The Zen of Watching Westerns
When Contemplating Art Just Ain't Enough
By: Martin Mugar - 11/12/2013
For Mugar it all started as a kid with Hopalong Cassidy.
The Marlborough man conflated smoking with testosterone.
The master of frontier violence Sam Peckinpah.
The Wild Bunch as high art.
The Duke as an American icon.
I am taking a break from fine art and western philosophy to write about the philosophy of Westerns. The ones I have seen lately have impressed me with the depth and complexity of their understanding of the human condition. I grew up with the TV Westerns: Cheyenne, Maverick, Bonanza, and Gunsmoke, but I have no recollection of watching them at the movies. I do recall that during a hospitalization at the age of five for a tracheotomy I had an argument with another patient about whether to watch Howdy Doody or Hop Along Cassidy. I wanted Howdy Doody and he wanted Hop Along Cassidy. The latter with his ten-gallon hat already seemed dated to this five year old. I don’t recall who won that argument.
That there was something more to them than the idealization of the Marlboro man in the wide open spaces of Monument Valley became obvious to me when a Polish friend in Paris, Bogdan Borkowski, a filmmaker and photographer, who went on to document the Solidarity uprising (I have a picture of him with Lech Walesa somewhere), invited me to participate in his very private ritual, which involved a screening of Peckinpah’s “The Wild Bunch”.
Drinking rectified vodka ahead of time, which is almost 200 proof, we prepared ourselves for the delirium of the last scene, where the Mexican Federales are picked off and fall from the rooftops of the Mexican town they are holding hostage. During this scene Bogdan shouted out at the top of his lungs in utter approval of the massacre. I don’t recall the response of the other theatre goers; maybe his cries were masked by the sound of the machine gun fire, but for an outrageously disruptive public display it ranks up there with Charles Giuliano cracking jokes about the play we were watching during a performance at the A.R.T. and getting the audience immediately around us to laugh in approval.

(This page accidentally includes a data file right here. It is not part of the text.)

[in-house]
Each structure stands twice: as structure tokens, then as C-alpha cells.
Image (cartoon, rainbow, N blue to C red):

For Bogdan the over the top delirium of “the Wild Bunch”, his cheering on of the massacre was a purge of all those years of emotional repression and enforced sadness in Poland. Under the Communist regime, one’s emotions were always in check. It was PC run amok. What did the authorities know about you? Who was in the Party and who wasn’t? Were you going to end up in prison for a seemingly benign comment about the regime? There was little personal wealth to allow for any self-indulgence. At a restaurant once in Paris, the waiter asked us what we wanted for desert. Bogdan, in a typical gesture of excess, ordered another round of steak. Poland was a world of enforced equality, where gray was the operative color of the scenery and the soul.